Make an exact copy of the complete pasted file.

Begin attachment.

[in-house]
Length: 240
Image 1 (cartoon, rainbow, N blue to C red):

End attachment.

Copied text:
[in-house]
Length: 240
Image 1 (cartoon, rainbow, N blue to C red):